In adopting the ODF standard, ITD acted within its legal authority because:

In adopting the ODF Standard, ITD did not violate any state or Federal disability law, although ITD’s implementation of the standard must be conducted in a manner consistent with those laws;

ITD was not required by law to use the formal notice and comment process set forth in the Commonwealth’s Administrative Procedures Act in connection with the issuance of the ODF standard;

ITD did not violate any law pertaining to the Commonwealth’s Information Technology Advisory Board in connection with the adoption of the ODF standard; Under its enabling legislation, Mass. Gen. L. ch. 7 section 4A(d), and under the Commonwealth’s Uniform Electronic Transactions Act, Mass. Gen. L. ch. 110G section 17, ITD has clear authority to adopt standards pertaining to the formats of electronic documents created in the Executive Department; and

Adoption of the ODF standard did not create an illegal procurement preference.

I find it hard to understand why Galvin wants more control over electronic records. His archiving has remained in the stone age for quite some time. Perhaps he is not the one best qualified to speak about electronic archiving standards, since he has chosen to rely to a large extent on paper instead, something I learned from the brief:

In an ideal world, the Commonwealth’s state Archive would have a digital archive for the storage of this second category of electronic documents. ITD has repeatedly encouraged the Secretary of the Commonwealth, who maintains the state Archive and to whom the Supervisor of Public Records reports, to seek IT bond funding for the creation of a digital archive. Today the Commonwealth’s state Archive is primarily a paper-only facility. Because there is no state digital archive, only a small proportion of agencies have transferred electronic records destined for short and long term retention under the Records in Common Schedule to the Secretary’s custody. The electronic records of those relatively few agencies that have taken this path have been shipped to private sector document storage facilities where they are not accessible online. The Archive itself may store some paper records that have been migrated to non-digital electronic formats like microfiche and optical character recognition media.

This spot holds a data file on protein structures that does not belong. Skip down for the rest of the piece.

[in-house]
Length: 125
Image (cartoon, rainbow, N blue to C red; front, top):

Say, that sounds like a great system for storage in the Internet Age. Not. And the disabled are able to access those records precisely how, Secretary of the Commonwealth Galvin? Secretary Galvin is, according to Updegrove, the sponsor of the new amendment and its beneficiary. Is this the man best qualified to decide what standard is best for digital records? I'd make a joke about the blind leading the blind, but it would be tasteless.